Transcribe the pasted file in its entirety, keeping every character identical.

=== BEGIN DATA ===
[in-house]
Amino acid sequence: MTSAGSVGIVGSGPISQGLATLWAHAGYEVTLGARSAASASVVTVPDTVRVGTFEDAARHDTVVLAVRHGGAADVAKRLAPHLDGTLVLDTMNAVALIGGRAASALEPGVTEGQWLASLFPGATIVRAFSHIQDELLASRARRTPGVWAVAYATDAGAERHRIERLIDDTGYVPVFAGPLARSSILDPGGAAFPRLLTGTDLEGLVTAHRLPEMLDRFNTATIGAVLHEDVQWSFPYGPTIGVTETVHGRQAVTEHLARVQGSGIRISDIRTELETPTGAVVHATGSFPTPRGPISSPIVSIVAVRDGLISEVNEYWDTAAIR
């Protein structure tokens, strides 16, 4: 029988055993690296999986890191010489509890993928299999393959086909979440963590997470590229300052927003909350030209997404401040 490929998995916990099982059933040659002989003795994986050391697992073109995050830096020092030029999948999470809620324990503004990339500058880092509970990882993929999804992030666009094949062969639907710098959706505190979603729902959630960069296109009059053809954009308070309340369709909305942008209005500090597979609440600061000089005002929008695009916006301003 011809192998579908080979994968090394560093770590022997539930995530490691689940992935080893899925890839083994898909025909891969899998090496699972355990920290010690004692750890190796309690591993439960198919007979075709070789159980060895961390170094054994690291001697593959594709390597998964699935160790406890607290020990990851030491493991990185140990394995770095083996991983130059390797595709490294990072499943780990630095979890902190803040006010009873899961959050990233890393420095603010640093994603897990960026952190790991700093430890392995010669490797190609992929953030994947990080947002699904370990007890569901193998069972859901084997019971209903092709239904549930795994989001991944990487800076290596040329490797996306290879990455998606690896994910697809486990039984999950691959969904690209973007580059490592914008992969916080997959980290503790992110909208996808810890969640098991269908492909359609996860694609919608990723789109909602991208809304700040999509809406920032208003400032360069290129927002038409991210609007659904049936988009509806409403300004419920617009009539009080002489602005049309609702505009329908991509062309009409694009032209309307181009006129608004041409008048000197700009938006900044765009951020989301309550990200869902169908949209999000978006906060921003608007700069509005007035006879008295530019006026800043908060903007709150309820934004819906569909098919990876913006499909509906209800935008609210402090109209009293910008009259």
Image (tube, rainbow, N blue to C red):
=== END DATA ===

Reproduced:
[in-house]
Amino acid sequence: MTSAGSVGIVGSGPISQGLATLWAHAGYEVTLGARSAASASVVTVPDTVRVGTFEDAARHDTVVLAVRHGGAADVAKRLAPHLDGTLVLDTMNAVALIGGRAASALEPGVTEGQWLASLFPGATIVRAFSHIQDELLASRARRTPGVWAVAYATDAGAERHRIERLIDDTGYVPVFAGPLARSSILDPGGAAFPRLLTGTDLEGLVTAHRLPEMLDRFNTATIGAVLHEDVQWSFPYGPTIGVTETVHGRQAVTEHLARVQGSGIRISDIRTELETPTGAVVHATGSFPTPRGPISSPIVSIVAVRDGLISEVNEYWDTAAIR
């Protein structure tokens, strides 16, 4: 029988055993690296999986890191010489509890993928299999393959086909979440963590997470590229300052927003909350030209997404401040 490929998995916990099982059933040659002989003795994986050391697992073109995050830096020092030029999948999470809620324990503004990339500058880092509970990882993929999804992030666009094949062969639907710098959706505190979603729902959630960069296109009059053809954009308070309340369709909305942008209005500090597979609440600061000089005002929008695009916006301003 011809192998579908080979994968090394560093770590022997539930995530490691689940992935080893899925890839083994898909025909891969899998090496699972355990920290010690004692750890190796309690591993439960198919007979075709070789159980060895961390170094054994690291001697593959594709390597998964699935160790406890607290020990990851030491493991990185140990394995770095083996991983130059390797595709490294990072499943780990630095979890902190803040006010009873899961959050990233890393420095603010640093994603897990960026952190790991700093430890392995010669490797190609992929953030994947990080947002699904370990007890569901193998069972859901084997019971209903092709239904549930795994989001991944990487800076290596040329490797996306290879990455998606690896994910697809486990039984999950691959969904690209973007580059490592914008992969916080997959980290503790992110909208996808810890969640098991269908492909359609996860694609919608990723789109909602991208809304700040999509809406920032208003400032360069290129927002038409991210609007659904049936988009509806409403300004419920617009009539009080002489602005049309609702505009329908991509062309009409694009032209309307181009006129608004041409008048000197700009938006900044765009951020989301309550990200869902169908949209999000978006906060921003608007700069509005007035006879008295530019006026800043908060903007709150309820934004819906569909098919990876913006499909509906209800935008609210402090109209009293910008009259």
Image (tube, rainbow, N blue to C red):